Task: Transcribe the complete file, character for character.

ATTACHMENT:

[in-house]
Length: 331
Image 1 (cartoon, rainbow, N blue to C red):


[in-house]
Length: 331
Image 1 (cartoon, rainbow, N blue to C red):